The Internal Revenue Service issued a warning for a tax preparation fraud involving phony credits based on stimulus packages. Hucksters are apparently targeting the elderly and tricking them into taking tax credits geared toward college students.
Jim filled out a Target survey for the chance to win $5,000, and was excited to get a seemingly related phone call from someone telling him he had won a $200 runner-up prize. Then his heart sank when the guy on the other line demanded a $2.95 shipping fee up front to collect his money. Noting the dead giveaway of a con, he refused.
Jeff received this email from Amazon warning against a phishing scam bent on swiping your password. Here’s the email:
Mike tells Consumerist that one of his recent purchases triggered a fraud alert on his credit card account. It’s nice to know that your card issuer is looking out for you, right? This alert was location-based, since he was using his card in Illinois, and the main billing address for the card is in Iowa, where Mike used to live. What he finds confusing about this situation is that he moved to Illinois seven months ago.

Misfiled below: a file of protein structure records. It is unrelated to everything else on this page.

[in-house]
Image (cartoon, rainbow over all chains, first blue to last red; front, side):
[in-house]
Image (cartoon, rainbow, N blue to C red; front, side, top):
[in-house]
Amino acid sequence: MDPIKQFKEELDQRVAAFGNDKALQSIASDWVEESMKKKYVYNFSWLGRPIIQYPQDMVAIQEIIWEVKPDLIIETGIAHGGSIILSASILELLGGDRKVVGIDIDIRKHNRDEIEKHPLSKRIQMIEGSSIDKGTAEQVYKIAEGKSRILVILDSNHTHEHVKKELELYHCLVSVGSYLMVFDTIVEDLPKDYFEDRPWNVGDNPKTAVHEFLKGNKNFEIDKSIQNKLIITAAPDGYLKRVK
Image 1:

Josh finds himself unable to use his Bank of America check card to make large purchases at Walmart. When he calls customer service, he’s told the bank blocks large purchases at the store because such transactions are “considered a risk.”
After stranding reader Shannon in Siberia with no functioning ATM card, Bank of America has reached out to her and made up for the situation. Sort of. A new card was immediately dispatched, but the corresponding PIN didn’t show up until five days later. She did, however, receive a $100 Amazon gift card for her inconvenience.
Bank of America isn’t the only bank that enjoys canceling their traveling customer’s credit cards. HSBC canceled my card while I was living in New Zealand, and as part of their “continuing efforts to fight fraud,” sent an active replacement card to my address 9,000 miles away.